Sculptors set to mold snow for Winter Carnival

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A snow sculpture from the 1978 Winter Carnival. (Pilot file photo)

Giant cylinders of snow will become the medium for artistic expression during this weekend’s Snow Sculpture Symposium at Depot Park.

The city of Whitefish is hosting the event during the Whitefish Winter Carnival and as of last week had three teams set to participate.

Carla Belski, community services coordinator for the Whitefish Parks and Recreation Department, said the snow sculpture event is returning after a several year hiatus from the Winter Carnival. For many years the event was coordinated as a competition by art enthusiasts from Flathead Valley Community College and held in the parking lot of the Super 1, she noted.

“We’re excited to coordinate this neat event happening simultaneous with Winter Carnival,” Belski said. “Depot Park is a great location and we hope we can make it a tradition.”

Belski said more than 3,000 people have shown interest in the event on social media. However, teams to participate don’t total the original goal of nine, with two to four members in each team.

However, those participating bring some high level of experience to the symposium.

Scott Thompson, of Alaska, will lead a team. Thompson has won the Alaska State Snow Sculpture Championship four times and the U.S. National Snow Sculpting Competition twice.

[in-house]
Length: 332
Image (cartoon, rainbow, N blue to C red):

Paul Coats of Whitefish, who participated in the past local competition, is also leading a team.

City employees are volunteering to form a third team, Belski said, unless someone comes forward before the event begins and then they’ll turn over their snow mound.

In addition to creating his own sculpture, Thompson has volunteered to give a training and safety session to those participating. The tutorial begins at 8 a.m. on Friday, Feb. 2.

Each team is provided the block of snow, and the only materials allowed for the sculptures are snow and water. Recommended gear and tools for artists, include shovels or any garden implements with a metal edge, brooms, rakes, a tent or stove to soften the cold snow, and warm clothing for extended outdoor exposure. Gas or electric powered tools are prohibited with the exception of a torch for softening snow.

Belski said the hope is that this first year will be a starting point for larger events in the future with more teams. She noted that though the snow molds are the same as from past competitions, the city is sill learning how best to create the cylinders and the Public Works Department has been bringing in snow to Depot Park to use.

“We’ve had varied snow conditions,” she said. “We’re looking at how far in advance to create the snow cylinders, but it looks like the warmer temperatures will help the snow consolidate and make it pretty good.”

The theme for the symposium will mimic the Winter Carnival theme: “Celebrating 70 years of Big Mountain.”

Starting Friday, Feb. 2 at 8 a.m. teams will begin to create their sculptures, with the goal of completing them by 3 p.m. on Sunday, Feb. 4. The public is encouraged to visit the park during the creation of the sculptures throughout the weekend.

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